In some embodiments, there can be a center recess 60 that can enable the discharge section 20 to be steered in a straight direction, and there can be recesses 58 on each side of the center recess 60 that can enable the discharge section 20 to be steered at an angle to the infeed section 12. In the embodiment shown in the figures, there is only one pair of recesses 58 that steer the discharge section 20 at approximately 7 relative to the infeed section 12. In other embodiments, however, there could be additional pairs of recesses 58, or recesses 58 located at different points on the cutout 56 to provide a variety of steering angles. There could also be provided only a single recess 58 on one side of the center recess 60 without a matching pair.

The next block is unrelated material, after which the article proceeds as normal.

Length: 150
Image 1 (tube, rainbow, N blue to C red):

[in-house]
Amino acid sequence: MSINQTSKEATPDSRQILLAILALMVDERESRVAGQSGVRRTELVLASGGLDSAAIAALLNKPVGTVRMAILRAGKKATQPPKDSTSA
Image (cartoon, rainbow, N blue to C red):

FIGS. 5 through 9 illustrate a steering assembly according to one embodiment of this invention. The assembly can include the steering selector 50, steering selector linkage 62, a pivot axis 64, a wheel-steering plate 66, at least one wheel-steering linkage 68, at least one wheel-steering axis 70, at least one axle 72, at least one wheel 74, and at least one wheel housing 76. FIG. 5 shows the steering selector 50 in the center recess 60 so that the discharge section 20 is pointed generally straight. When an operator selects a steering angle, the members of the steering selector linkage 62 can pivot to transmit the angle to the pivot axis 64. The pivot axis 64 can then pivot to transmit the angle to the wheel-steering plate 66, which in turn can pivot the members of the wheel-steering linkages 68. In the embodiment shown, each wheel-steering linkage 68 can pivot at the coupling with the wheel-steering plate 66 and the wheel housing 76. When the wheel-steering linkages 68 pivot, each wheel 74 is caused to pivot on its axle 72 about the wheel-steering axis 70. The wheel-steering axis 70 is the point about which the axle 72 can pivot, and is best illustrated in FIGS. 8 and 9. In this embodiment, each wheel 74 has its own axle 72 and its own independent wheel-steering axis 70. Other linkages and mechanisms can be used to implement other embodiments of steering assemblies with independent wheel-steering axes 70.